The Mini-DisplayPort connector used by Thunderbolt is tiny compared to even HDMI and USB Type-C makes it look like a pig.  Thunderbolt had some advantages especially with professional customers since its direct to the PCI-E bus, but for consumers, the reversible connector of USB-C, 10Gbps data, DisplayPort and HDMI over a single cable, and gives you 100w of power.  In other words it takes every great great about USB 3.1, doubles the speed, makes it smaller, and combines it with both your display cable and your power cable.  USB-C is both more capable and more flexible.  Because of this, sooner rather than later you’ll see Thunderbolt 3 replace USB Type-A ports on computers, MicroUSB ports on phones and tablets, 12v power ports, and if I were a betting man even Apple’s proprietary Lightning connector.  It makes too much sense not to.  As for Thunderbolt, it features a couple of features that USB-C does not such as a faster data rate and lower latency with its own dedicated chip and peer to peer communication.

Thunderbolt 3 uses a combination of all of the advantages above and adds PCI-E 3.0 to the mix for up to 40Mbps of data bandwidth.  That’s double Thunderbolt 2 and Quadruple that of USB 3.1.  Its fully backwards compatible with USB 3.1 Type-C devices and gives the same 100w of power for computers and up to 15w for bus powered accessories.  It doesn’t stop there.  Thunderbolt has built-in 10gig-E ethernet in addition to the existing Thunderbolt peer to peer protocols.  It has a full 8 DisplayPort lanes that can drive twin 4k displays at 60hz.  It gets even better, while external graphics solutions were toyed about unofficially with Thunderbolt 1 & 2, Thunderbolt 3 officially supports external graphics cards for giving your laptop a little more umph.  This is especially huge if you have a laptop with Intel or AMD integrated graphics.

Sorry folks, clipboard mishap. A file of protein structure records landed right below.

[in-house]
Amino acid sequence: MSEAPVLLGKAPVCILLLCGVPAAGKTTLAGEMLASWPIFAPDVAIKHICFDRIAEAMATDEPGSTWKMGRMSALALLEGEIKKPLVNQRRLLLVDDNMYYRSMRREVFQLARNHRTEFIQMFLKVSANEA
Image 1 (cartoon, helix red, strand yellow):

When will you see Thunderbolt 3 laptops, I expect later this year or early 2016.  With the USB Type-C compatibility,  there isn’t a whole lot of reason not to add it to the next revision of desktops, desktop replacement laptops, and (mobile) workstations that already use Thunderbolt.  For Apple, fully expect it to show up in the next revision of their computers.  It could also make sense to move Thunderbolt more mainstream.  PC gamers will appreciate the external graphics capability and people that don’t want to use Thunderbolt just have another USB-C port on their computer.  We have seen the future.  USB-C is the future with Thunderbolt evolving to become a higher-end version of that standard.  Its a commonsense solution that combined with much improved capabilities will benefit everyone.  I, for one, am excited about the future.

Source: Intel